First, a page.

What would my life have been like without Jane Austen?
Since I’ve spent the last eleven years eating, drinking and sleeping Jane Austen, I hardly know how to begin to answer this question. I wouldn’t be writing, at least not for anyone else to see, if it weren’t for Jane Austen’s inspiration and the community of fans who love her. I never would have thought I had any particular talent for writing stories.
For my first forty years, Jane’s influence wasn’t as obvious, but it was there. As a teenager, her books were the first classics I read where I didn’t trudge my way through them out of a sense of obligation. Her characters came alive for me in a way others didn’t. I could see something of myself in them. She influenced the college I chose, a fiercely academic one stuffed with odd traditions like placing flowers at the feet of a statue of Athena for luck before an exam and extravagant May Day celebrations. Something about the place also drew Jane Austen fans, and for the first time in my life, I met other people who loved her books as much as I did. It was like uncovering buried treasure. Would it have been the same to meet other people who loved Shakespeare or Tolstoy? I don’t think so. There’s something about Jane Austen that draws people together.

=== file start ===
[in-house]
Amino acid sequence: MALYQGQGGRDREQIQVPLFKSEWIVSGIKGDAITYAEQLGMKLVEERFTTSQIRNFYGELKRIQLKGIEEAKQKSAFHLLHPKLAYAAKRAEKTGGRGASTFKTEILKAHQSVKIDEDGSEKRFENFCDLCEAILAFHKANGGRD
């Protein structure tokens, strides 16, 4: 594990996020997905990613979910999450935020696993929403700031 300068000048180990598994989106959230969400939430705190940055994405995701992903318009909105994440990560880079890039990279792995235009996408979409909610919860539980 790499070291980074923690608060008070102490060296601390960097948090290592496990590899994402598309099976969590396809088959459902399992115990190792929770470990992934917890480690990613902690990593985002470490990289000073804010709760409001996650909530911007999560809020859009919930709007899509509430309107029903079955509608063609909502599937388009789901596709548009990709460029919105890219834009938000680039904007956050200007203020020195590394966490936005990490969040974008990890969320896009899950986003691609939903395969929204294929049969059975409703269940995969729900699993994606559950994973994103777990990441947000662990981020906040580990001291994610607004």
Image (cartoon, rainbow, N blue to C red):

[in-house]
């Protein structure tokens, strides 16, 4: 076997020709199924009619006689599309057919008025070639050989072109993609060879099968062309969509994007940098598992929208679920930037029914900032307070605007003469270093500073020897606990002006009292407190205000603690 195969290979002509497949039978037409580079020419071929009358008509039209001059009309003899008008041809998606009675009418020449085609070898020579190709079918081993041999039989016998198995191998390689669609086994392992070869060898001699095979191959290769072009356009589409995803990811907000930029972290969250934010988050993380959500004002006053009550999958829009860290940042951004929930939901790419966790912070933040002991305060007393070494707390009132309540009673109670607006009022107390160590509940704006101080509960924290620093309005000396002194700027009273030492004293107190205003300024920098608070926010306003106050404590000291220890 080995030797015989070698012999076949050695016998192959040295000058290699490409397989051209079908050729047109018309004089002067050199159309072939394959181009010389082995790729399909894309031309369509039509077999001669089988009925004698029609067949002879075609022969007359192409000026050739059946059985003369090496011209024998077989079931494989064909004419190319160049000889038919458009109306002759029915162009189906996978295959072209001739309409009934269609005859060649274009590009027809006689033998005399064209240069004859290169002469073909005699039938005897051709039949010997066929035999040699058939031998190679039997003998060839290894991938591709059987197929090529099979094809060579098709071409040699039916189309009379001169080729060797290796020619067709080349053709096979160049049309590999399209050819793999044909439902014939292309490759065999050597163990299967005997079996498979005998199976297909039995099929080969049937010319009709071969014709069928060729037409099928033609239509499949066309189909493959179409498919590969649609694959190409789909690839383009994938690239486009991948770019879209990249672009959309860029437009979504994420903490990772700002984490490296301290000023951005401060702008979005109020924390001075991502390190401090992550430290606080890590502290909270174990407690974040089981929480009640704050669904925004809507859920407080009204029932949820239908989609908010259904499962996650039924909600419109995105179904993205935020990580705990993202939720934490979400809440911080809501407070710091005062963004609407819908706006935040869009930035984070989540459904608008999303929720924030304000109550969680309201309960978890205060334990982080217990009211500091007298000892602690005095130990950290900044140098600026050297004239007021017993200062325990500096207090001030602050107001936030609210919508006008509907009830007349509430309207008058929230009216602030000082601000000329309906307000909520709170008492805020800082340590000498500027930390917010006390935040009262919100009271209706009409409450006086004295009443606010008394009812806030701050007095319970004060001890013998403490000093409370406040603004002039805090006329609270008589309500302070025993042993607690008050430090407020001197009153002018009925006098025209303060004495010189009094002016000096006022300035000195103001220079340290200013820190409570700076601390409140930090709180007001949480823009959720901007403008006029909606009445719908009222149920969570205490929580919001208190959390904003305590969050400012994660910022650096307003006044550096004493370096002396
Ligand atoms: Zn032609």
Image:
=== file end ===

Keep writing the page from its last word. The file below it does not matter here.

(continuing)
And that’s another way my life would have been poorer without Jane Austen. I would never have known all the wonderful people I’ve met through my love of her books – people from different countries like Maria Grazia, people from all levels of society – I would have hated to miss meeting all those Jane Austen fans, both on line and in real life.
Thanks, Jane Austen!
More about Abigail Reynolds at Austen.Authors